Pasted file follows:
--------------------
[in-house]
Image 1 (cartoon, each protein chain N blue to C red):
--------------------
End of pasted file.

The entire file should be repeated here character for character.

[in-house]
Image 1 (cartoon, each protein chain N blue to C red):